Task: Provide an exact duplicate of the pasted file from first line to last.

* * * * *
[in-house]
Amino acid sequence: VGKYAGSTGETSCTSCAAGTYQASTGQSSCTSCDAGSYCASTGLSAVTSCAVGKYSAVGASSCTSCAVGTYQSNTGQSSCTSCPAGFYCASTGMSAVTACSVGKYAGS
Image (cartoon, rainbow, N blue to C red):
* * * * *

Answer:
[in-house]
Amino acid sequence: VGKYAGSTGETSCTSCAAGTYQASTGQSSCTSCDAGSYCASTGLSAVTSCAVGKYSAVGASSCTSCAVGTYQSNTGQSSCTSCPAGFYCASTGMSAVTACSVGKYAGS
Image (cartoon, rainbow, N blue to C red):